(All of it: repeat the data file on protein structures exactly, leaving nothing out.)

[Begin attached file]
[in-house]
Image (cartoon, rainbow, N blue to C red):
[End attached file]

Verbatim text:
[in-house]
Image (cartoon, rainbow, N blue to C red):